In recent years, a steady increase in global poultry meat production has been witnessed, accompanied by an increase in a major portion of a poultry carcass, referred to as the inedible portion. In poultry, edible components include meat, skin with subcutaneous fat and giblets (gizzard, liver, and heart) and sometimes also abdominal fat in waterfowl. Age, together with species and environmental conditions, is one of the key factors affecting body growth rate. In four poultry species, chickens, turkeys, Pekin ducks, and geese, an increase in body weight is accompanied by an increase in edible weight and a decrease in inedible weight in the carcass, and more significant age-related changes occur in turkeys and broiler chickens than in ducks and geese. The highest increase in the content of edible components expressed as a percentage of total body weight is noted in turkeys (20% in males, 25% in females), followed by broiler chickens (19.4%), ducks (17.1%), and geese (only 8.2%). Gallinaceous birds have also a higher content of muscle tissue and a lower content of skin (including subcutaneous fat) and bones than waterfowl.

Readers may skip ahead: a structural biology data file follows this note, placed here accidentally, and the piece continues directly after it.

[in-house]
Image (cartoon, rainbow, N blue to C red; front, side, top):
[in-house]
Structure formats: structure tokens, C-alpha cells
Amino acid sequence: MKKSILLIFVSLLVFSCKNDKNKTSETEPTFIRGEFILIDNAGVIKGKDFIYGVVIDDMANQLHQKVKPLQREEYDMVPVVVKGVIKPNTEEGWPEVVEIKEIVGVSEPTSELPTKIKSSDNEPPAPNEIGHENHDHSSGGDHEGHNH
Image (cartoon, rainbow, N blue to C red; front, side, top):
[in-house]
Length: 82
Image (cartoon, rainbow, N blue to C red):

Part of the book: Poultry Science